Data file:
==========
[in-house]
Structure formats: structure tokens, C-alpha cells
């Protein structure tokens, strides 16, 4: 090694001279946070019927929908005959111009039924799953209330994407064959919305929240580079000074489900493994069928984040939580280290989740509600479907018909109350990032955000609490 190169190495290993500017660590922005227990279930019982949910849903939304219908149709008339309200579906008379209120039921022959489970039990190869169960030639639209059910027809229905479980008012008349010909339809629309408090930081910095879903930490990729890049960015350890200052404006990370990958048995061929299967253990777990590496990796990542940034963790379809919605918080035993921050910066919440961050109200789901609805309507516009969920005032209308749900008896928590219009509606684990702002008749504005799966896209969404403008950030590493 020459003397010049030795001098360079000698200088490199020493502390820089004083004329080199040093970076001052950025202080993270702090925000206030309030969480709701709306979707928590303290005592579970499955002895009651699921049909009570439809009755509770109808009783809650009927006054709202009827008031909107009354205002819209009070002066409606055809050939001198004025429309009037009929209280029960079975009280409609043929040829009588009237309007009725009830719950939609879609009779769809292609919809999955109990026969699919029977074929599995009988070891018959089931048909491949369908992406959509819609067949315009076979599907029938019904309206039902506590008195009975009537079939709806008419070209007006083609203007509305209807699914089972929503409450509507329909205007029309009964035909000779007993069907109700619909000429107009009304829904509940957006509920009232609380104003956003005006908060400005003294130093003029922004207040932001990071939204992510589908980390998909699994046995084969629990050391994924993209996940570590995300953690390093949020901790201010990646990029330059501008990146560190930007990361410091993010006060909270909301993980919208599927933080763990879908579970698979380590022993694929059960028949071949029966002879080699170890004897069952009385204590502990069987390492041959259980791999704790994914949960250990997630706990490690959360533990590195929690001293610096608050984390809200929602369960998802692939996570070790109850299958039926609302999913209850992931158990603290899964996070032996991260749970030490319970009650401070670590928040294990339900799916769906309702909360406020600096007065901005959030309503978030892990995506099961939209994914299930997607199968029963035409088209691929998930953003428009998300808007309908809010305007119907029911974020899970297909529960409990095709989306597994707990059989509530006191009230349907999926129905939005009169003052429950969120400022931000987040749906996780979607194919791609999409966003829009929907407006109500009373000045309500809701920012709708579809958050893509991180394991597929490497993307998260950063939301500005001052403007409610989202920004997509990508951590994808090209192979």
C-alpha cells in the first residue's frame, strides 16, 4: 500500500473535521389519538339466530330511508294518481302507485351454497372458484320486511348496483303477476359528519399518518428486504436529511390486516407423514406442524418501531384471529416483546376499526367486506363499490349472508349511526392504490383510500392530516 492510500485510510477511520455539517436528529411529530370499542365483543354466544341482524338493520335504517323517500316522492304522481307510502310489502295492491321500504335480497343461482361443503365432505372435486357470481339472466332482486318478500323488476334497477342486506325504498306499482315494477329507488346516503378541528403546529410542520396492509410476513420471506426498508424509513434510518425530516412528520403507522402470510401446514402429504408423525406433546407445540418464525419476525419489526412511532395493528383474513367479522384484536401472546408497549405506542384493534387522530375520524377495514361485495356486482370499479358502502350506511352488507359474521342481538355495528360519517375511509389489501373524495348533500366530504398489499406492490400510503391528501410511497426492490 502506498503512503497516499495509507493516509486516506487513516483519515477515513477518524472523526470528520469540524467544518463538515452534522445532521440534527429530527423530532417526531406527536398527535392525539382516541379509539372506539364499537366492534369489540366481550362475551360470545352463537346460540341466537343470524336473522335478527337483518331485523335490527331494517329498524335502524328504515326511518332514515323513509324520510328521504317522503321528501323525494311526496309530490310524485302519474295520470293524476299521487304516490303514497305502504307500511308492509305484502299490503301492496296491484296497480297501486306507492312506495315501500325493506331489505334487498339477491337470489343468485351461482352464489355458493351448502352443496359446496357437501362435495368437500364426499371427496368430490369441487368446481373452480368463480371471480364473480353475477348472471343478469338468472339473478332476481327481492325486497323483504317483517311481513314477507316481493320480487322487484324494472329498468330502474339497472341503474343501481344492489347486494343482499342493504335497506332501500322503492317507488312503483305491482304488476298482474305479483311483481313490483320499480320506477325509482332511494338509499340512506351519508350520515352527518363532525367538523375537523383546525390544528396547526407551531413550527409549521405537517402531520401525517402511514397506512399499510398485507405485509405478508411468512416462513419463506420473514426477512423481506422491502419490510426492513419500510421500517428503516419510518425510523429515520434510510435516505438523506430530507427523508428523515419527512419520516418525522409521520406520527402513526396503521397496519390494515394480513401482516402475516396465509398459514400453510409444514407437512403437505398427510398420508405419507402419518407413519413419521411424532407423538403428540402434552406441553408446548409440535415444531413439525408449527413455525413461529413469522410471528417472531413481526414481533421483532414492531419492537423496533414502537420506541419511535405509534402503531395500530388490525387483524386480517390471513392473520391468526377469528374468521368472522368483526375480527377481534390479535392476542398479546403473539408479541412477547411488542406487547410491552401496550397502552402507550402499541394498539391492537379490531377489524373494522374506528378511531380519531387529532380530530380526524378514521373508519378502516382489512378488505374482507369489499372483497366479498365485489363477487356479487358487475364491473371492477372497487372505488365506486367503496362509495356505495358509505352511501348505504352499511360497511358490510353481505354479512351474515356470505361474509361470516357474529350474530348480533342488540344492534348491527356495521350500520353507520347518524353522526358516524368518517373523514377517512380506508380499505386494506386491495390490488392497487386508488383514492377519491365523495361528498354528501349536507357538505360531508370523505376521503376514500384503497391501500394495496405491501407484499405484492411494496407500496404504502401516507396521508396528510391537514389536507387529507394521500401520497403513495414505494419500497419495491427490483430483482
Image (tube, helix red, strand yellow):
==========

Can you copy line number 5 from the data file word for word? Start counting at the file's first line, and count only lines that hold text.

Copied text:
Image (tube, helix red, strand yellow):